venue: SADIE COLES HQ - KINGLY STREET
Ugo Rondinone’s autumn exhibition at Sadie Coles HQ, clouds + mountains + waterfalls, will feature three new bodies of work. Each extends the artist’s long-running interests in cosmic or natural phenomena and their reformulation in art. Mediating between geological formations and abstract compositions, Rondinone’s Mountain sculptures consist of rocks stacked vertically on concrete plinths, in groups ranging between two and six. Each stone is painted a different day-glow colour, and the sculptures’ titles refer in Minimalist vein to their component colours. The analogy of a mountain meanwhile invites more ranging and romantic associations. In their vertical arrangements and vivid colours, the works appear precariously poised between monumentality and collapse – seeming both to defy gravity and to depend on it. Combining rugged materiality with colourful abstraction, the objects are equally caught between literalism and metaphor: many harbour a note of anthropomorphism, suggesting figures in different poses and attitudes. As a group, they conjure parallels as diverse as the stacked totems of Barbara Hepworth and the paper cut-outs of Henri Matisse.
Rondinone’s latest Cloud paintings are large canvases painted in gradations of blue. The rectangular fields transform into cloud-like undulations at their upper perimeters. As with the artist’s other ongoing groups of paintings (including his landscapes, mandalas and horizons), these works depict illusionary, immeasurable space while also referring to the precise date of their creation in their titles. Rondinone has remarked that “they form an entity of time and space”, at once universal and finite. Nearly identical yet subtly differentiated by their top edges and colour schemes, the Cloud paintings carry echoes of Modernist abstraction and the visionary seascapes and skies of Romantic visionaries such as Caspar David Friedrich, while also subverting those precursors through their cartoon contours. More immediately, they form a counterpoint to Rondinone’s own series of Brick paintings, which depict solid brick walls in thickly-layered paint. The near-blank surfaces of the Cloud paintings, ethereally painted using a sponge and diluted pigment, offer sites of imaginative potential – just as clouds can seem to resolve into phantasmal images. The third new series in the exhibition consists of Waterfall sculptures – thin, freestanding lines made in clay and cast in raw aluminium, whose minimalist forms evoke jets of water while also bearing the fingerprints of their original modelling.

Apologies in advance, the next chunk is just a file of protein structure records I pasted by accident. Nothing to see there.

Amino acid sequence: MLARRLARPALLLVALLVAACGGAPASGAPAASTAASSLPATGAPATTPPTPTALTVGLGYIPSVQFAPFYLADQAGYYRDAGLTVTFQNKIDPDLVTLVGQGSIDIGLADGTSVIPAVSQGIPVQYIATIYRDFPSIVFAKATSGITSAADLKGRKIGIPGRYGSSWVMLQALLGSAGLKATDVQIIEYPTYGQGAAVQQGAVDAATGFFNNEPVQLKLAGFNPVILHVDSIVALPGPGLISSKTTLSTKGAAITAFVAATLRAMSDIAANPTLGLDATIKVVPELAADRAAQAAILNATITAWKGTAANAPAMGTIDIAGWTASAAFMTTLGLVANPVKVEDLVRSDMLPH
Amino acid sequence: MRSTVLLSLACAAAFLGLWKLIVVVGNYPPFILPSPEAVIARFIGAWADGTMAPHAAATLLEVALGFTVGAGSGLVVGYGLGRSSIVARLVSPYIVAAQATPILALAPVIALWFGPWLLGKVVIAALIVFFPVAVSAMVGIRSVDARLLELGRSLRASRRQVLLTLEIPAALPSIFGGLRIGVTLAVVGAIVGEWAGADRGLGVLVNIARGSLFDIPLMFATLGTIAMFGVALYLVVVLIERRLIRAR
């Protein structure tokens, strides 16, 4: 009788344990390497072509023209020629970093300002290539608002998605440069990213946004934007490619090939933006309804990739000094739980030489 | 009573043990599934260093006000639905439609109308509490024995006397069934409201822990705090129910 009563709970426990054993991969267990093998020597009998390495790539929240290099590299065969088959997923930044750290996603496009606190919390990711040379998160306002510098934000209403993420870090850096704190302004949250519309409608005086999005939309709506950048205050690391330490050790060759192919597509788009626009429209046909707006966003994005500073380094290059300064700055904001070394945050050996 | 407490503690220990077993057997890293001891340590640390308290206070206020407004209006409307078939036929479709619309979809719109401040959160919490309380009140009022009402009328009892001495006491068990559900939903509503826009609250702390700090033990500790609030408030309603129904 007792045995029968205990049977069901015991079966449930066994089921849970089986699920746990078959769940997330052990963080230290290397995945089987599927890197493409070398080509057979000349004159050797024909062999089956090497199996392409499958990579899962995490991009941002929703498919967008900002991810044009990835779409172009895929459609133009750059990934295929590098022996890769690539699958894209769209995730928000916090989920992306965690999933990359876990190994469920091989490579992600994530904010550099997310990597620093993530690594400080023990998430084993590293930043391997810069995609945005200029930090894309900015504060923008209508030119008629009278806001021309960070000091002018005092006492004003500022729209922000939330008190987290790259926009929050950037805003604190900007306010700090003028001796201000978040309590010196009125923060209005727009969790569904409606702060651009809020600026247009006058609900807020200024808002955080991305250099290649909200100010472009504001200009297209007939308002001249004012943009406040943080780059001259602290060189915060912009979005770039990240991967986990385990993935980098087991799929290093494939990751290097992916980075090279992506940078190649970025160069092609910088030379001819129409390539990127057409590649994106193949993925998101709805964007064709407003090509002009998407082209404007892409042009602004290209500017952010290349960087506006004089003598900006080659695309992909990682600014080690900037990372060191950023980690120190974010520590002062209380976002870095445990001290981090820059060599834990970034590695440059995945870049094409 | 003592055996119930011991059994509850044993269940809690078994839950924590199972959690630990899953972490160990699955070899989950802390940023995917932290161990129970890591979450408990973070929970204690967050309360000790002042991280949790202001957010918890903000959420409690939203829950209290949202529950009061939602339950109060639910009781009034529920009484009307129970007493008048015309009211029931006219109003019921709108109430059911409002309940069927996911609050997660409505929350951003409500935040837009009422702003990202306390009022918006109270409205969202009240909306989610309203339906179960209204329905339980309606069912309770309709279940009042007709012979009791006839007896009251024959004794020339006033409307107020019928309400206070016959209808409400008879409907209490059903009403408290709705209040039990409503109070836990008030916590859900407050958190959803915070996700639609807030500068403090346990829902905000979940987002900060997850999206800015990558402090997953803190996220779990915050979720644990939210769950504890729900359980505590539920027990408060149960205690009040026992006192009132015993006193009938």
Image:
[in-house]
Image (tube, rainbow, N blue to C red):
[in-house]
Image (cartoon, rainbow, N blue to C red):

Rondinone’s paintings and sculptures have frequently referred to primordial phenomena – air, moons, the sun, the cosmos – in their titles or forms. Referring concurrently to the natural world, romanticism and existentialism, his latest works encapsulate a “mental trinity” that has underpinned his art for more than twenty years. Ugo Rondinone (Swiss, b. 1964) lives and works in New York. He has long embraced a fluid range of forms and media. As a whole, his work constitutes a complex network of responses to social and physical structures. By allowing himself such formal and thematic freedom, Rondinone creates the conditions for an expansive emotional range. His work has become recognised for its ability to channel both psychological expressiveness and profound insight in the human condition and the relationship between human being and nature. Recent solo exhibitions include naturaleza humana, Museo Anahuacalli, Coyoacan, Mexico, 2014; thank you silence, M Museum, Leuven, Belgium, 2013; we run through a desert on burning feet, all of us are glowing our faces look twisted, Art Institute of Chicago, 2013; human nature, Public Art Fund, Rockefeller Plaza, New York, 2013; primitive, Common Guild, Glasgow, 2012; nude, Museum of Cycladic Art, Athens, 2012; and The Night of Lead (Die Nacht aus Blei), Aargauer Kunsthaus, Aarau, Switzerland 2010. In early 2016, his public outdoor installation, Seven Magic Mountains, will open in the Nevada desert, co-produced by New York’s Art Production Fund and Nevada Museum of Art, Reno (NE).